but it is also frequently an expression of justice. — TheWillowOfDarkness
N drops the scenario straight onto the Jews. There's no doubt that the Jews had a unique problem with the concept of justice because their religion teaches that they have a special relationship with God. They have a deal or covenant in which God protects them if they meet his requirements as laid out in the Mosaic law. Anytime bad things happened, the Jews would try to work out how they had failed God so they could get it right. Eventually that technique was strained to the point of absurdity.
Christian apocalypticism actually starts about 200 years before Jesus was born. A statue of Zeus was installed in the Holy of Holies in the temple in an attempt to Hellenize the Jews. Scholars say that it was around this time that the book of Daniel was written and circulated. The concept of the World to Come is taking shape as an answer to the problem of God's justice. They probably weren't even aware that they were modifying an element of the Zoroastrian religion.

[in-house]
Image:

The World to Come is a time when the Gentiles are supposed to finally get what's coming to them. The Jews will be raised up to their proper place at the right hand of God. By putting resolution of injustice somewhere off in the future, Good becomes other worldly. This world of wounded flesh is all bad and just a passing shadow pending the arrival of the Messiah.
Christians say the Messiah did come, but obviously nothing significant changed. What a drag. Maybe he'll come again... yea, that's it.